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TedClarkPosted by Ted Clark

Ted is the Communications Director for the Heart Disease and Stroke Program

 

Do you know your blood pressure (BP) numbers?

Most people don’t, and I didn’t know mine till recently. So what’s the big deal? As long as you feel healthy, there’s no reason for concern, right? Wrong.Blood-pressure

High blood pressure is known as “the silent killer,” and with good reason — there are usually no symptoms. Fact is, about one-third of American adults have high blood pressure and don’t know it. When people don’t know they have high blood pressure, it means they aren’t taking the medicine that could drastically reduce their risk for heart disease, a heart attack or stroke. In fact, 70 percent of people who have a stroke also have high blood pressure.

So, how do you find out your BP numbers? You have three easy options:

  • At your next doctor’s appointment, make sure the nurse or doctor takes your blood pressure.
  • Call your local community health center, or city hall to see when the next public BP screening takes place.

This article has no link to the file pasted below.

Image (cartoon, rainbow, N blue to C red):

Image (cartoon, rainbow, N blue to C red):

• Find a local pharmacy with a blood pressure kiosk

If your blood pressure is “normal,” that’s great. Just keep an eye on it, and ask your doctor how often you should have it measured.

If you have high blood pressure, it’s not the end of the world. Your doctor can prescribe medicine that will help lower your blood pressure, and you can do your part, too. Visit Mass in Motion for tips on eating better and moving more. 

A third category of BP is “elevated,” and falls between “normal” and “high.” Also known as “pre-hypertension,” an elevated reading means you are in danger of your blood pressure becoming high. Eating better and moving more may help you lower your blood pressure.

Make sure your healthcare provider knows your BP results, in case he or she wants to prescribe medicine that may lower your blood pressure. 

Check out the MA Department of Public Health’s two new blood pressure brochures and videos on getting checked and taking your medicine. Learn more about high blood pressure and stroke at www.mass.gov/heartstroke.

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